Friday, August 31, 2007

media update: August

My coworker A has recently discovered Rachael Ray, and she's started saying "Yum-MO!" every time she eats something. It is so unbelievably annoying, and she's just lucky I like her; otherwise, I'd stand up on my desk and scream "Shut the fuck UP! Why are you parroting an obnoxious Oprah puppet whose husband pays hookers to spit in his face?"


Anyway, asterisks denote something I particularly enjoyed or found especially worthy of my time; your mileage may vary.


1. Bollywood Nights by Shobhaa De: The lurid story of a Bollywood actress who sleeps her way to the top. Soapy and marginally entertaining, but I would have appreciated a glossary of the Indian terms that pepper every page. Some of them were obvious from the context, but most of them weren't.

2. The Next Thing on My List* by Jill Smolinski: The narrator, June, blames herself for a car accident in which her passenger Monica was killed. Upon finding a list of 25 things that Monica wanted to do before her 25th birthday, June decides to finish the list on Monica's behalf. It's pretty cheesy, but it's also sweet and unpredictable. There were a couple of times when I thought, "Oh, please, [such and such] is totally going to happen now," and then it didn't, so bonus points on that front.

3. Beyond Reach* by Karin Slaughter: Luckily for me, I discovered this author right around the time that Patricia Cornwell jumped the shark. This book, which deals with white supremacists, meth dealers, and family secrets, is a bit of a letdown after Triptych (which was one of my ten favorite books of 2007), but it still kept me riveted, and the ending was so unexpected that my jaw literally dropped.

4. Vivaldi's Virgins by Barbara Quick: A meticulously researched historical novel about a young, musically gifted woman growing up in a Venetian orphanage. Nice masturbation scene near the beginning.


1. Other People's Dirt by Louise Rafkin: The author, who has worked as a housecleaner for many years, reminisces about some of the houses where she's worked. She also looks into some of the more unusual aspects of the business, ranging from nude housecleaners to people who clean up crime scenes. It was pretty interesting, but I'll admit to raising an eyebrow when she bitched about getting fired from a job where she left a couple of Cheerios in the sink. Um, if you're getting paid to clean someone's house, shouldn't you maybe...oh...clean the sink too? It's not like the Cheerios were left in some bizarre hidden location as a test.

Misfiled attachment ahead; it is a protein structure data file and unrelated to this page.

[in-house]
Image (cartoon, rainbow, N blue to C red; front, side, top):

Cleaning side note: When I moved into my new place, I decided that I'd thoroughly clean one room every week, reasoning that if I tried to do the whole apartment in one fell swoop once a month, it would be too overwhelming, and I'd just wind up ignoring it in favor of flopping on the couch and reading a magazine. You wouldn't believe how nasty the top of the medicine cabinet was. If you carbon dated the gunk I wiped off, it would probably go back to the seventies.

2. Bunny Tales by Izabella St. James: One of Hugh Hefner's ex-girlfriends tells all about life in the Playboy Mansion. About as vapid as you'd expect, although there were a few interesting tidbits thrown in here and there. For example, I didn't know that Hugh Hefner actually has to pay rent on the Mansion (it's owned by Playboy Enterprises and its shareholders, not by him personally), nor did I know---or, frankly, want to know---that he never has an orgasm unless it's by his own hand.

3. Unusually Stupid Celebrities by Kathryn and Ross Petras: A compendium of some of the stupidest things celebrities have said and done. My personal favorite is this rant Marlo Thomas (allegedly) aimed at her butler: "How dare you serve cold cuts in my house. It's just so low-class and common. And white bread and pickles! And my god, MEAT lasagna! Fucker, you've done it again."

4. Bright Lights, Big Ass by Jen Lancaster: Humorous essays on everything from Target love to mind-numbing temp jobs. I didn't enjoy this nearly as much as her previous book, Bitter Is the New Black, but there are some chuckles to be had.

5. Ask a Mexican! by Gustavo Arellano: FINALLY, an explanation of why Mexicans love Morrissey so much! I mean, not that Mexicans can't love Morrissey too, but considering what a macho culture it is, their embrace of a very fey British singer is a little odd. Anyway, there's a ton of other illuminating information in here as well, and now I know that if a Mexican ever whistles the "shave and a haircut, six bits" tune at me, I have been gravely insulted. (It matches the meter of the putdown "Chinga tu madre, cabron", or "eff your mother, you castrated goat".)

6. Let's Spend the Night Together by Pamela Des Barres: The recollections of some of rock 'n' roll's most famous groupies. There's some interesting stuff in here; for example, not only was Cassandra Peterson (aka Elvira) a groupie, but she lost her virginity to Tom Jones, and he was so big she needed stitches afterwards. Yeowch!